Archive for the ‘Productivity’ Category
What can be a better way to get over the lethargic status quo and (re)start regular blogging than this video – Seth Godin’s speech at 99% Conference – on Quieting the Lizard Brain.
In this presentation Seth Godin outlines a common creative affliction: sabotaging our projects just before we show them to the world. Godin targets our “lizard brain” as the source of these primal doubts, and implores us to “thrash at the beginning” of projects so that we can ship on time and on budget.
Worth mentioning the mission framework of 99%, which is a quote from Thomas Edison
Genius is 1% inspiration and 99% perspiration
At STVP eCorner, Tom Kelley,the GM of IDEO and author of best-selling books on creativity, translates his thoughts on corporate creativity to a personal level and suggests how a innovator can learn to foster the nature of creativity for life. He urges entrepreneurial thinkers to resist the forces that chip away at creative energy, and encourages an effort toward innovation to remain young at heart.
Listen to the entire talk (MP3, 58min)
Here goes couple of great sound bites from Tom Kelly’s talk –
In his book, “Orbiting the Giant Hairball“, MacKenzie asks school children from kindergarten through sixth grade if they consider themselves to be artists. While the enthusiasm for creative free expression seems to run freely for the youngest children, the author notes some attrition from the idea starting with the second graders, and full-blown shame for artistic expression by the time he speaks to the sixth grade. The take-away from this exercise, says Kelley, is that we are all born with a high level of innovation, but it is the cultural norm to have these aspirations and pleasures flattened at a surprisingly young age.
…attitude of wisdom which is a healthy balance between confidence in what you know and distrusting what you know just enough that keeps you thirsty for more knowledge. Because we’ve all met people in our lives who they get to be an expert, they develop this deep expertise and they want to rest on their laurels. “I know a lot about that. I don’t need to know more.”
“It’s not what you don’t know that gets you into trouble; it’s what you know for sure that ain’t so.” And this “know for sure” stuff could be really a problem for lots of people.
The Back of the Napkin: Solving Problems and Selling Ideas with Pictures by Dan Roam is one of the best books on visual thinking.
Author Dan Roam asserts that that everyone is born with a talent for visual thinking, but that we — especially in the business world — are never encouraged to develop it. In this video, Roam shows us how anyone with a pen and a scrap of paper can exercise their imagination and work through any business problem by creating pictures.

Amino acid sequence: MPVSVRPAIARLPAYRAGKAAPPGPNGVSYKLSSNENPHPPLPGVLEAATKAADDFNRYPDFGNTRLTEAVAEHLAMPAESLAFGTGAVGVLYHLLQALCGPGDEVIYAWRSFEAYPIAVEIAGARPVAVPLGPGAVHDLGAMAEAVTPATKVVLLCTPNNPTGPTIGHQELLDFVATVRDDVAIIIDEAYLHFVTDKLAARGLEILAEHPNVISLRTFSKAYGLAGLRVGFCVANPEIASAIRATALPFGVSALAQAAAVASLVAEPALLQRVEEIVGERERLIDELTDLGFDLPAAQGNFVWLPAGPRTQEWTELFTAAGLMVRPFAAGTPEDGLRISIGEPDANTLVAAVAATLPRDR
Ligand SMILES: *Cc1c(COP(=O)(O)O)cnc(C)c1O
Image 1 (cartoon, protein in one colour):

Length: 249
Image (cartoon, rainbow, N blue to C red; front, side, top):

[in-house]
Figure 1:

A short Introduction of the Book By Dan [Video]
A bold new way to tackle tough business problems even if you draw like a second grader. When Herb Kelleher was brainstorming about how to beat the traditional hub-and-spoke airlines, he grabbed a bar napkin and a pen. Three dots to represent Dallas, Houston, and San Antonio. Three arrows to show direct flights. Problem solved, and the picture made it easy to sell Southwest Airlines to investors and customers. Used properly, a simple drawing on a humble napkin is more powerful than Excel or PowerPoint. It can help crystallize ideas, think outside the box, and communicate in a way that people simply get. In this book Dan Roam argues that everyone is born with a talent for visual thinking, even those who swear they cant draw.
Drawing on twenty years of visual problem solving combined with the recent discoveries of vision science, this book shows anyone how to clarify a problem or sell an idea by visually breaking it down using a simple set of visual thinking tools tools that take advantage of everyones innate ability to “look, see, imagine, and show,”
“THE BACK OF THE NAPKIN” proves that thinking with pictures can help anyone discover and develop new ideas, solve problems in unexpected ways, and dramatically improve their ability to share their insights. This book will help readers literally see the world in a new way.
Dan Roam visited Google’s Mountain View, CA headquarters to discuss his book, as part of the Authors@Google series. Here goes the complete video:
From Change This Manifesto download for free : The 10 1/2 Commandments of Visual Thinking: The “Lost Chapter” from The Back of the Napkin
From the Google Tech Talk Coaching Series: Accomplishing More By Doing Less by Marc Lesser
Being creative and successful in business and your personal lives requires that you be responsive and flexible as you move beyond your comfort zones.
Though it may seem paradoxical, all real change and creativity begins by facing and understanding the reality of your current situation.
Learning to see and respond with greater clarity is where the path toward change and growth begins.
What is that you are really doing? What are you doing that is extraneous? How can you bring more ease to and at the same time enliven your work and personal activities?
Learn how slowing down and looking deeply can lead to greater business success and personal satisfaction. Learn key practices that can help you:
- Be flexible and responsive in the midst of change
- Act with calm in the midst of intense activity
- Relax in the midst of exertion
- Gain clarity and insight in the midst of difficulty and competing demands
- Increase creativity and problem-solving skills
- Improve listening and communication skills
- Improve focus and concentration
- Increase work satisfaction
- Lead and build teams
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